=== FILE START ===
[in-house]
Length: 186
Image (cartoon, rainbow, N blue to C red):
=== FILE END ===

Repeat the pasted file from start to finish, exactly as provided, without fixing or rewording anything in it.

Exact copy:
[in-house]
Length: 186
Image (cartoon, rainbow, N blue to C red):